EGFR and HER2 expression in cervical cancer patients in Ibadan, Nigeria

2 Oct 2023
Ajibike Ayomide Orekoya, Abbas A Abdus-Salam, Abdurasaq R Oyesegun, Atara I Ntekim, Ayorinde M Folasire, Clement A Okolo, Adeniyi A Olabumuyi, Adedamola A Dada, Adeniyi A Adenipekun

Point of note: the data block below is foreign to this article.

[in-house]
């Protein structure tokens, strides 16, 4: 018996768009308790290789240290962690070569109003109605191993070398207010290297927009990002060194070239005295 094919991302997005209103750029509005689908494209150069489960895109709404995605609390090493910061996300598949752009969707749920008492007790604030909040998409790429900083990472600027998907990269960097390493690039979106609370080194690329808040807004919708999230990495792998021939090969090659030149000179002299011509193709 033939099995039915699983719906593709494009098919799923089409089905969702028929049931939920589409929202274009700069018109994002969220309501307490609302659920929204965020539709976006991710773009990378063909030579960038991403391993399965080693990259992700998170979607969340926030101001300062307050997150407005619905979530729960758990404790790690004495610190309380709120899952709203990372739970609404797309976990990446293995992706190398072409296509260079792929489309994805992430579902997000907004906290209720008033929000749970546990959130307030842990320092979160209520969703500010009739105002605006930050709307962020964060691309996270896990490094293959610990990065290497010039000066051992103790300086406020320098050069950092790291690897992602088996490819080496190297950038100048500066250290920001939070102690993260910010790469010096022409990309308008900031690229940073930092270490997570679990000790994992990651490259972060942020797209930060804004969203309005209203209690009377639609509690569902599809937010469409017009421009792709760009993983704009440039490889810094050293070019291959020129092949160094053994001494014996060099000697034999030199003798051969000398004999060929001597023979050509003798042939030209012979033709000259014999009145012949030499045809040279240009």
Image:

Cervical cancer is a leading cause of cancer-related deaths in developing countries, including Nigeria where it is the second most common female malignancy. Studies from elsewhere have demonstrated the relationship between epidermal growth factor receptor (EGFR) and human epidermal growth factor receptor 2 (HER2) and advanced cervical cancer. However, we are not aware of such studies in Nigerian patients. The main objective of the study was to determine the prevalence of EGFR or HER1 and HER2 protein expression in cervical cancers and to determine their impact on overall survival. Clinical data and formalin-embedded tissue blocks of 124 patients who presented in the Radiation Oncology Department, University College Hospital (UCH), from 2006 to 2015 and had their histological diagnosis at the Pathology Department, UCH were retrieved and analysed for EGFR and HER2 expression using immunohistochemistry. EGFR expression was analysed using the immunoreactivity score by Remmele and Stegner. HER2 was analysed using the Hercep® test kit guidelines. Survival analysis was done using Kaplan–Meier and Cox regression analysis. Missing data were reported as missing, not documented. EGFR (immunoreactivity score > 4) was overexpressed in 26.6% of the 124 cervical tissue samples tested. Most patients whose samples were positive for EGFR were young, had squamous cell carcinoma and advanced diseases. HER2 was overexpressed in two samples (1.6%). The 5-year overall survival rate of the patients was 28.3%. The 5-year survival rate of patients who were EGFR positive was 9.5% and 34.1% for those who were EGFR negative. Screening for EGFR should be considered in cervical cancer patients. HER2 was overexpressed in two cervical tissue samples in this study and may be of poor interest as a potential target in the management of cervical cancer patients. Large prospective multi-institutional studies should be considered to further explore the relationship between EGFR and survival in cervical cancer patients.

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